It has been thought that strong nitric acid would supersede all operative interference in this disorder, but its curative power is really somewhat limited.

Its local application is only useful in small granular piles, and in "velvety" conditions of the mucous membrane; it checks the bleeding, but severe hemorrhage may occur when the slough separates. One or two applications ought to suffice for the cure of such a condition, but for large masses, or for haemorrhoids with narrow vascular attachments, other treatment is better. Billroth, however, reports much success with nitric acid in most forms of internal haemorrhoids, but especially in the flat form: after protrusion, he applies the remedy till the part is "stiff and yellowish-gray in color," and then oils it well - he notes the importance of not touching sound parts with the acid, for it causes great pain (Ranking, i., 1872). Dr. Houston first proposed this treatment (Dublin Medical Journal, vols. xxiii. - xxvi.); and Mr. Henry Smith has used it extensively, and written in its favor.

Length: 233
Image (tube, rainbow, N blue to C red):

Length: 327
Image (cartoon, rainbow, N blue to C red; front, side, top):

In less severe cases where the parts bleed and are somewhat swollen, Dr. Ringer recommends a lotion containing 1 to 1 1/2 dr. dilute acid to 1/2 pint water.